In his first speech since Senate confirmation, United States Secretary of Agriculture Tom Vilsack told the U.S. National Farmers Union annual convention that he will be “very active” on climate change and is determined to create new streams of revenue for American farmers.
U.S. President Joe Biden has committed to take action on climate change and farming can be part of the solution, Vilsack said.
“I think agriculture is (positioned) to be a leader in this effort. You’re not going to be able to sequester carbon (in the soil) unless you engage rural America on farms and ranches,” he said.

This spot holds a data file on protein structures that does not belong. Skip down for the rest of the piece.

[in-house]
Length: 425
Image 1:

“To do that, we need to create financial incentives and markets… that are designed, constructed and implemented for farmers.”
He has started the process to create a carbon sequestration market. The U.S. Department of Agriculture is asking for input from farmers and ag groups about how the market should be structured.
Canadian farmers have been lobbying for carbon credits, such as cover crops and no-till cropping, but agricultural economist Al Mussel said the federal government only seems to view farming as a problem.